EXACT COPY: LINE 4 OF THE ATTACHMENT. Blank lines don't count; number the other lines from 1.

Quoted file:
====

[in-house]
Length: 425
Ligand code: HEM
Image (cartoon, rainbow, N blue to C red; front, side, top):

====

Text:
Image (cartoon, rainbow, N blue to C red; front, side, top):